What is the Large Hadron Collider?

Here, the Large Hadron Collider is shown on April 22, 2022, the day the atom smasher restarted again for Run 3 after a three-year nap.
Here, the Large Hadron Collider is shown on April 22, 2022, the day the atom smasher restarted again for Run 3 after a three-year nap. (Image credit: CERN)

The Large Hadron Collider (LHC) is the world's largest particle collider: a marvel of modern particle physics that has enabled researchers to plumb the depths of reality. In 2012, the massive atom smasher, a 16.5-mile-long (27 kilometers) underground ring on the border of France and Switzerland,  allowed researchers to find evidence for the famous Higgs boson and has since led to many other discoveries. 

How long did it take to build the Large Hadron Collider?

The origins of the LHC stretch all the way back to 1977, when Sir John Adams, the former director of the European Organization for Nuclear Research (CERN), suggested building an underground tunnel that could accommodate a particle accelerator capable of reaching extraordinarily high energies, according to a 2015 history paper by physicist Thomas Schörner-Sadenius.

The project was officially approved 20 years later, in 1997, and construction began on the ring that passed beneath the French-Swiss border capable of accelerating particles up to 99.99% the speed of light and smashing them together. Within the ring, 9,300 magnets guide packets of charged particles in two opposite directions at a rate of 11,245 times a second, finally bringing them together for a head-on collision, according to CERN. The facility is capable of creating around 600 million collisions every second, spewing out incredible amounts of energy and, every once in a while, an exotic and never-before-seen heavy particle. The LHC operates at energies 6.5 times higher than the previous record-holding particle accelerator, Fermilab's decommissioned Tevatron in the U.S.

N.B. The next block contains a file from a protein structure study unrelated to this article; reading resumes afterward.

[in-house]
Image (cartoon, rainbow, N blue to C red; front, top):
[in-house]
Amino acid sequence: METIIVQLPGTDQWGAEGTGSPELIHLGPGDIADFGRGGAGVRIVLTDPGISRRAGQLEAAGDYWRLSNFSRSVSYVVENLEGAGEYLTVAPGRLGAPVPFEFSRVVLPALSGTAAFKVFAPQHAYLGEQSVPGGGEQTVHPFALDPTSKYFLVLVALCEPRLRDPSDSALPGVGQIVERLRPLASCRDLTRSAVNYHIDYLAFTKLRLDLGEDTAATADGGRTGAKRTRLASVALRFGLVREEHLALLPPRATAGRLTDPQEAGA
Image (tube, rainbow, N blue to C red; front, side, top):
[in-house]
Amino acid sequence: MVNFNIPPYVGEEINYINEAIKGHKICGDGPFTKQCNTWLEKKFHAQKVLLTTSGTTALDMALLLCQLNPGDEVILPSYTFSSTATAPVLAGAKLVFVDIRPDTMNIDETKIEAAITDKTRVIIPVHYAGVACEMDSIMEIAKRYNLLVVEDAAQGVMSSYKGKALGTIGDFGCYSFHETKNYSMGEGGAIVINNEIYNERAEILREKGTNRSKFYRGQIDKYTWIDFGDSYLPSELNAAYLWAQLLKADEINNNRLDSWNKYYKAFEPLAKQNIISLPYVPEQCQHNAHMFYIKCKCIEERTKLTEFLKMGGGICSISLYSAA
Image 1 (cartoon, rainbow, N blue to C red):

The LHC cost a total of $8 billion to build, $531 million of which came from the United States. More than 8,000 scientists from 60 different countries collaborate on its experiments. The accelerator first switched on its beams on Sept. 10, 2008, colliding particles at only a ten-millionth of its original design intensity. It turned off in 2018 for upgrades, and switched on again on April 22, 2022, with higher power and double the collision rate. The goal is to ramp up the energy of the collisions to a record-breaking 13.6 TeV.

Could the Large Hadron Collider destroy the world?

Before it began operations, there were fears  that the new atom smasher would destroy Earth, perhaps by creating an all-consuming black hole. But any reputable physicist would state that such worries are unfounded.

"The LHC is safe, and any suggestion that it might present a risk is pure fiction," CERN Director General Robert Aymar previously told Live Science.

That's not to say the facility couldn't potentially be harmful if used improperly. If you were to stick your hand in the beam, which focuses the energy of an aircraft carrier in motion down to a width of less than a millimeter, it would make a hole right through it and then the radiation in the tunnel would kill you.

What has the LHC found?

Physicists and engineers replaced the heart of the CMS experiment in 2017 to improve its ability to make precise measurements.  (Image credit: CERN)

Over the last 10 years, the LHC has smashed atoms together for its two main experiments, ATLAS and CMS, which operate and analyze their data separately. This is to ensure that neither collaboration is influencing the other and that each provides a check on their sister experiment. The instruments have generated more than 2,000 scientific papers on many areas of fundamental particle physics.

On July 4, 2012, the scientific world watched with bated breath as researchers at the LHC announced the discovery of the Higgs boson, the final puzzle piece in a five-decade-old theory called the Standard Model of physics. The Standard Model tries to account for all known particles and forces (except gravity) and their interactions. Back in 1964, British physicist Peter Higgs wrote a paper about the particle that now bears his name, explaining how mass arises in the universe.